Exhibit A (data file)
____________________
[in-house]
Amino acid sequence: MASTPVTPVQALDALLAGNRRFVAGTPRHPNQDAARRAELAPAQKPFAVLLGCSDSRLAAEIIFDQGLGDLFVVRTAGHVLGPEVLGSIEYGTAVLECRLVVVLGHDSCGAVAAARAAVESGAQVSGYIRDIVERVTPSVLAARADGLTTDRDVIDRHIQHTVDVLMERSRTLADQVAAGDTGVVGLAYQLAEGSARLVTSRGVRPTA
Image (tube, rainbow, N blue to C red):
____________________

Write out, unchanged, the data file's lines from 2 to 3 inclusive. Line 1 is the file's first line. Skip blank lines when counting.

Amino acid sequence: MASTPVTPVQALDALLAGNRRFVAGTPRHPNQDAARRAELAPAQKPFAVLLGCSDSRLAAEIIFDQGLGDLFVVRTAGHVLGPEVLGSIEYGTAVLECRLVVVLGHDSCGAVAAARAAVESGAQVSGYIRDIVERVTPSVLAARADGLTTDRDVIDRHIQHTVDVLMERSRTLADQVAAGDTGVVGLAYQLAEGSARLVTSRGVRPTA
Image (tube, rainbow, N blue to C red):